Read & Watch
A Satanist doesn’t need a bible, a Satanist needs a library. Learning more about Satanism, religion, the occult, history, science, or yourself is critical to understanding the world and your own beliefs. Even if materials are not strictly Satanic, they may help inform your perspective as a Satanist. Below are our recommendations for materials to hopefully expand your horizons.
A satire of atheist angels plotting anarchist revolution against Heaven. An overlooked Satanic classic–overlooked no more.
The original Satanic classic, an epic English poem recounting the story of Genesis with Satan as the protagonist–and perhaps the hero.
Atwood’s 1985 thriller about the horrors of religious patriarchy remains ever-contemporary with real fundamentalist agendas.
Mary Shelley’s daring exploration of morality in a godless universe where human beings wield ultimate power over life and death.
This account of Carribbean voodoo explores what happens when religion adapts to violence, persecution, and exploitation.
Feminist folklore explores the basic elements of fairy tale storytelling: horror, gothicism, taboo, and the place of women in storytelling.
A firsthand accounts of the Satanic Panic and its roots in societal anxiety, sexual shame, cultural xenophobia, and religious zeal.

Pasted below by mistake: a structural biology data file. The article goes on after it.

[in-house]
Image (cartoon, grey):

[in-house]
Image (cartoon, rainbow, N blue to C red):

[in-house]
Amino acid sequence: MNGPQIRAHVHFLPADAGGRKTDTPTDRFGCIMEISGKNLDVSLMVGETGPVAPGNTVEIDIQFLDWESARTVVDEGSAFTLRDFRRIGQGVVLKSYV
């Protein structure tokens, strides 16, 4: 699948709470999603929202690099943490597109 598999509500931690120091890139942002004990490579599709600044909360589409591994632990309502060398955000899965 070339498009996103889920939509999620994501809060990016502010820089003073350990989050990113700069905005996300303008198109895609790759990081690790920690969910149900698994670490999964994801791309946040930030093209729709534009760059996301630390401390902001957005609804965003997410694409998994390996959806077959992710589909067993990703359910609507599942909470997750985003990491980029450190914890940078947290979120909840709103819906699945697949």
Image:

There was no cult, and the crimes never happened, but Paul Ingram confessed anyway. Because he “remembered” doing it all.
How the historical “witch” (and her associations with devilry) evolved into the modern “slut,” and the power of embracing those titles.
In response to junk science and superstition, cosmologist Carl Sagan created, if you’ll pardon the term, a bible for skepticism.
Certain ideas have always haunted America: fear of the devil, fear of outsiders, and most of all fear of invisible but sinister conspiracies.
A primer on how and why ancient Jewish and Christian groups created Satan and who they used him against–then and now.
A story about how the mind of a child exercises the unruly but empowering essence of the ego–and by extension, how we can too.
Terry Pratchett and Neil Gaiman parody “The Omen,” the Cold War, the Bible, witch hunting, and Millennium apocalypse scares.
“Glory and praise to you, O Satan, in the heights of Heaven where you reigned and in the depths of Hell where you dream.”
“I believe in individual liberty, and in taking it back from the hands of corporations and theocracy.”
Few things hold more awful or compelling power over people than tradition.